NH GOP - Is this what Cilley wanted?

Good Morning,

As you scan the headlines and coverage today from Jackie Cilley’s gubernatorial announcement yesterday, you’d be hard-pressed to say she had a smooth rollout.  James Pindell, writing for WMUR’s Political Scoop, noted that much of Cilley’s platform, specifically on an income tax, has been “widely rejected” and that “this past year was particularly tough” for those on the far edge of the Democrat Party.  And, in what will prove to be a self-inflicted wound, Cilley re-affirmed her flip-flopping stance on a statewide income tax. 

Included below you will find key excerpts from news reports covering Cilley’s stance on an income tax, comment from the NHGOP and additional coverage of the Democrat’s latest tax-and-spend candidate to enter the race.

Reports Covering Cilley’s Latest Income Tax Stance

Concord Monitor:Cilley's refusal to take an anti-income tax pledge could rally support within the state's Democratic base, but her stance will be a tougher sell to the wider electorate.” (Matthew Spolar, “Cilley Vows No Pledges As Governor, Concord Monitor, 2/8/2012)

N.H. Public Radio: “Cilley also she won’t be taking a pledge to veto a sales or income tax.” (NHPR, “Cilley Declares for Governor,” 2/7/2012)

NHGOP Comment

“It should come as no surprise to New Hampshire voters that both candidates in the Democrat primary for governor have flip-flopping records on a statewide income tax.  The hard truth is that in order to spend more tax dollars and grow the size of government, Democrats need to leave open every option to tax individuals, tax businesses and tax anything else they can get their hands on.” – Tory Mazzola, New Hampshire Republican State Committee Executive Director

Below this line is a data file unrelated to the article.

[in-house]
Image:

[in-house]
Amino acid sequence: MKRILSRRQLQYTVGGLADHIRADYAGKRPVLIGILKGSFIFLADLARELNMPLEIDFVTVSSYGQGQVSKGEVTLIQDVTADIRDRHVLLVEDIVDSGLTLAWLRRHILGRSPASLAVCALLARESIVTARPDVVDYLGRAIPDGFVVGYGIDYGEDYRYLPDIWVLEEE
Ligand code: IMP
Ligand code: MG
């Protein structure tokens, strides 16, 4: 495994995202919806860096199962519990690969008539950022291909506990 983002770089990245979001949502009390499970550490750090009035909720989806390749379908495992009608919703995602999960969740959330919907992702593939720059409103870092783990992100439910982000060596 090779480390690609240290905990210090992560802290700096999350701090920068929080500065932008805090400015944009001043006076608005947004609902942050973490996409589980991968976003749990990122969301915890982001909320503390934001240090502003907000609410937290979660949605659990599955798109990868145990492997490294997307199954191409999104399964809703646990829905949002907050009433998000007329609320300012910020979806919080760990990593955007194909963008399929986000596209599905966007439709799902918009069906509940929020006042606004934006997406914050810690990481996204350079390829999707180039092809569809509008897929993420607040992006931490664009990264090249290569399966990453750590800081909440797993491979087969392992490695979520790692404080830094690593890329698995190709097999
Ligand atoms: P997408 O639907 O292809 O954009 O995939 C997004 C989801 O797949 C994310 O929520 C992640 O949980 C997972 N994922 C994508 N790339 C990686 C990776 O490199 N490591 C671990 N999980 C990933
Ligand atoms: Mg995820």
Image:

Additional Coverage of Cilley’s Announcement

Foster’s Daily Democrat: “In the GOP response to Cilley’s gubernatorial announcement, Republican State Committee Chairman Wayne MacDonald said in a statement, ‘Jackie Cilley and Maggie Hassan both fit into the narrow ideology of the Democrat Party – higher taxes, increased spending and more government control. I’m confident that the Republican Party will retake the governor’s office in November because there’s a sharp contrast between the two sides,’ he stated.” (Liz Markhlevskaya, “Cilley Announces Bid for Corner Office: Barrington Democrat has Plans to Lead State as Next Governor,” Foster’s Daily Democrat, 2/8/2012)

N.H. Union Leader:But before Cilley even arrived at an event announcing her candidacy on Tuesday morning, she was facing criticism from Republican operative Patrick Hynes, who questioned her position on a statewide income tax. Hynes sent out an email early Tuesday morning calling the state senator ‘Slippery Cilley.’ He accused her of refusing to directly answer questions about her stance on an income tax, ‘saying only that she will respect the wishes of her state senate district.’” (Beth LaMontagne Hall, “Former state Sen. Cilley Enters Race for Governor,” New Hampshire Union Leader, 2/8/2012)